REVIEW: Little Shop is Definitely Bigger Than Hula-Hoops

By: Dec. 08, 2009
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Two of Philadelphia's smaller theater companies, Theatre Horizon and 11th Hour Theatre Company, have banded together to put on a unique and intimate production of this beloved musical upstairs in the Independence Studio at the Prince Music Theater.

The first technical production element that has to be mentioned is the lighting design. From the first black out to the blood red lightning fast light changes to emphasize soliloquies Shelley Hicklin's lighting incredibly enhances the show.

The half hexagonal set perfectly fits the space. Many productions of Little Shop are done on such huge stages that the idea of Mushnik's flower shop being located on Skid Row is almost unbelievable. Here, the set is small and grungy. The audience really gets the sense of being downtown on dirty Skid Row.  The Audrey Puppets, designed by Aaron Cromie and operated by Craig Patrick O'Brien were incredibly detailed.

The costumes, especially those of the urchins (who have at least 7 different outfits) are stunning. There are many more than necessary, in a good way, and they're all incredibly elaborate. The change from workers in a failing store to rich workers when business is booming is reflected in the costumes, giving us an even better sense of how times have changed. Also the Urchins changes better separate their roles as narrators a la The Supremes and the school drop-outs trying to make a buck on Skid Row.

The choreography and direction of Jenn Rose and Magan Nicole O'Brien, respectively, add another layer of comedy to the show. Everything form the harmonies, to the steps, to the picking up of cues is part of a well oiled machine but nothing feels forced. Some of the most memorable humorous moments include the Asian costumes/choreo in "Da-Doo" and the Jewish "If I Were a Rich Man-esque" dancing of Mushnik, played by Paul McElwee in "Mushnik and Son."

The Urchins - Chiffon, Crystal, and Ronnette played by Laura Giknis, Candace Thomas, and Alex Keiper respectively - are a tight knit group and their numbers rock the show. (Plus they spend most of the show in four-inch heels.) Paul McElwee's hilarious "Mushnik and Son" received one of the biggest rounds of applause from the audience. Audrey II is voiced my M. K. Hines, and though the use of a female voice was jarring at first, she had an insane ability to riff on the high notes. Carl Clemons-Hopkins as Orin was funny yet terrifying. His large stature added a lot of physical comedy to "Dentist!" And yet, when he came back as other characters, especially in "The Meek Shall Inherit, he managed to morph his body, voice, and mannerisms enough to be thoroughly convincing. Melinda Bass as Audrey and Steve Pacek as Seymour are both sympathetic and comical. Bass manages to maintain her Audrey accent even in song without getting grating and Pacek's clumsy falls around the stage make Seymour even more lovable.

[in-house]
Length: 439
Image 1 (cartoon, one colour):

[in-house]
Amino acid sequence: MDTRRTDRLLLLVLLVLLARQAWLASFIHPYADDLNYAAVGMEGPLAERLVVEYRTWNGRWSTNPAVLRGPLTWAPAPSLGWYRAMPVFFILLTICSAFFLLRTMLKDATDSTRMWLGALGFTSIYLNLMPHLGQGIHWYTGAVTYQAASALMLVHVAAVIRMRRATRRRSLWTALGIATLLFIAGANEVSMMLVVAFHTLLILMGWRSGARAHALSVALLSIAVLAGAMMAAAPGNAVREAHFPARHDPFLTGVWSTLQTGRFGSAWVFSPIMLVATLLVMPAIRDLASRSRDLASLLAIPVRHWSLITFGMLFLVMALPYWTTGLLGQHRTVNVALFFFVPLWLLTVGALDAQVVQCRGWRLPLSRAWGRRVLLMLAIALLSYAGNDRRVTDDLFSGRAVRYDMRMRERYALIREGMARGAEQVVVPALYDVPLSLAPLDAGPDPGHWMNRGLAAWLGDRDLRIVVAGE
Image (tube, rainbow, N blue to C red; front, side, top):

Having several professional productions of Little Shop, I have to say I think I've found my favorite. Little Shop runs through December 20th. And remember - DON'T FEED THE PLANTS!





Seymour was a meek flower-shop clerk on Skid Row until the day he discovered a mysterious plant with a taste for blood. To win the love of the beautiful Audrey and to escape from his miserable life in the ghetto, he feeds the flower's deadly appetite...but at what cost? 11th Hour teams up with Theatre Horizon to bring you a "cross-pollination" of this cult classic musical like you've never seen it before!


11th Hour Theatre Company's mission is to expand the boundaries of musical theatre and develop an intimate and lasting relationship between actor and audience by producing works that explore music and culture to create an experience that is both entertaining and relevant to all members of the community.


Theatre Horizon: Through theatre, we create a community of artists, students and audiences in which each member is encouraged to grow.